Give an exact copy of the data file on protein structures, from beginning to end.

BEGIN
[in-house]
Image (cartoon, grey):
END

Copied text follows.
[in-house]
Image (cartoon, grey):